Our findings suggest association of abstinence length in acamprosate-treated alcoholics with variation in the glycine signaling pathway and genes encoding NMDA receptor subunits. Investigation of the mechanisms underlying these associations and their usefulness for individualized treatment selection should follow.
Two common approaches to identify subgroups of patients with bipolar disorder are clustering methodology (mixture analysis) based on the age of onset, and a birth cohort analysis. This study investigates if a birth cohort effect will influence the results of clustering on the age of onset, using a large, international database.
The database includes 4037 patients with a diagnosis of bipolar I disorder, previously collected at 36 collection sites in 23 countries. Generalized estimating equations (GEE) were used to adjust the data for country median age, and in some models, birth cohort. Model-based clustering (mixture analysis) was then performed on the age of onset data using the residuals. Clinical variables in subgroups were compared.
There was a strong birth cohort effect. Without adjusting for the birth cohort, three subgroups were found by clustering. After adjusting for the birth cohort or when considering only those born after 1959, two subgroups were found. With results of either two or three subgroups, the youngest subgroup was more likely to have a family history of mood disorders and a first episode with depressed polarity. However, without adjusting for birth cohort (three subgroups), family history and polarity of the first episode could not be distinguished between the middle and oldest subgroups.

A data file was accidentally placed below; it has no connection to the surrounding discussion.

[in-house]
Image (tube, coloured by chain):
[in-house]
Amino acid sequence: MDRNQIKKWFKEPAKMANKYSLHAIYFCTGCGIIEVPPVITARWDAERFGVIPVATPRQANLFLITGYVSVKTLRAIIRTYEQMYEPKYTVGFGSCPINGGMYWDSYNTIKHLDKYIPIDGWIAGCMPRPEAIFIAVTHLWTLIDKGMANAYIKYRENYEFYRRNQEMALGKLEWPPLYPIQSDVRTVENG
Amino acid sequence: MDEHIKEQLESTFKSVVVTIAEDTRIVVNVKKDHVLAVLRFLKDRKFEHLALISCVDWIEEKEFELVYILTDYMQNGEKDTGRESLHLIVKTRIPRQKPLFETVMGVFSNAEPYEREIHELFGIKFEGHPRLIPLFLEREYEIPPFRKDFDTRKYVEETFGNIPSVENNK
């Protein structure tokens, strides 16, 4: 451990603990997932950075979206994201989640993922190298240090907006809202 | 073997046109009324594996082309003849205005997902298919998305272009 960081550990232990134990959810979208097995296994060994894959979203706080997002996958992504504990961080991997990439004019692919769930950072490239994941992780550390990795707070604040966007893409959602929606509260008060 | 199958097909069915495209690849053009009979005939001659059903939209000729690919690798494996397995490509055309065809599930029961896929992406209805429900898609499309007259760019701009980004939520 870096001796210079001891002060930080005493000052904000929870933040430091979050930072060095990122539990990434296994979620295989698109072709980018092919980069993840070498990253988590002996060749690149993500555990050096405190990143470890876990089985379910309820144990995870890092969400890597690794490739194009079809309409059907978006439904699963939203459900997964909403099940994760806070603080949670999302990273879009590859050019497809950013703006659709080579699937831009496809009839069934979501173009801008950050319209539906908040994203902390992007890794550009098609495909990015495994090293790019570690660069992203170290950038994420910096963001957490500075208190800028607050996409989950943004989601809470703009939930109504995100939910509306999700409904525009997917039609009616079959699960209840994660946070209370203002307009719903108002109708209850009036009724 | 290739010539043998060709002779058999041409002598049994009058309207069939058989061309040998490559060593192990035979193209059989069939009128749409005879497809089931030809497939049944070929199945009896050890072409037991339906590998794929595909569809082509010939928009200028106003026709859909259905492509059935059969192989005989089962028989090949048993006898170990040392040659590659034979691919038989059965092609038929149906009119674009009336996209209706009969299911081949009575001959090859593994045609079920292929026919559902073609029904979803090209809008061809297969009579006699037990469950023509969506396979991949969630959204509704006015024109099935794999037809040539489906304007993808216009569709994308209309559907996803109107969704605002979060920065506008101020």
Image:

These results using international data confirm prior findings using single country data, that there are subgroups of bipolar I disorder based on the age of onset, and that there is a birth cohort effect. Including the birth cohort adjustment altered the number and characteristics of subgroups detected when clustering by age of onset. Further investigation is needed to determine if combining both approaches will identify subgroups that are more useful for research.
This study examined healthcare utilization in the past year by subjects who screened positive for bipolar versus unipolar depression.
A self-administered survey was completed in 2002 by a United States population-based sample. Respondents were categorized into one of three subgroups: bipolar depressed screen positive (BP DEP+, n=394); unipolar depressed screen positive (UP DEP+, n=794); and control subjects (n=1,612).
For depressive symptoms in the past year, BP DEP+ respondents were significantly more likely than UP DEP+ respondents to report a healthcare visit to a number of diverse care providers. In analyses controlled for demographics and depression severity, the differences in psychiatric hospitalization, psychologist/counselor outpatient visit, substance abuse/social services visit, and number of emergency room visits remained significant between BP DEP+ and UP DEP+ respondents.
Subjects with self-reported bipolar depression sought care more often from a number of diverse healthcare resources than subjects with self-reported unipolar depression. These findings underscore the morbidity associated with bipolar depression.